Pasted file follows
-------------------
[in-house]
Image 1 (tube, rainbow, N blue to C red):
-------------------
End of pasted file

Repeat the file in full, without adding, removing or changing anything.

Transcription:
[in-house]
Image 1 (tube, rainbow, N blue to C red):